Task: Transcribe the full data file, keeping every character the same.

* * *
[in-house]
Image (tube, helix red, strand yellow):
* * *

[in-house]
Image (tube, helix red, strand yellow):